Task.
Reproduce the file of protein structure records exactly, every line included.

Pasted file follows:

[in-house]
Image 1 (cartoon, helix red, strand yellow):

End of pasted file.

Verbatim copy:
[in-house]
Image 1 (cartoon, helix red, strand yellow):